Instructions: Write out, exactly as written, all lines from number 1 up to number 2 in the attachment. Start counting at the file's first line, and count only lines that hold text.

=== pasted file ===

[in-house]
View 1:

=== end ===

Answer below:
[in-house]
View 1: